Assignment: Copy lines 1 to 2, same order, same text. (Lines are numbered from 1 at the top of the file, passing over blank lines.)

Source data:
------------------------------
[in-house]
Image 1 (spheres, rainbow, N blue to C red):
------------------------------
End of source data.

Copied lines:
[in-house]
Image 1 (spheres, rainbow, N blue to C red):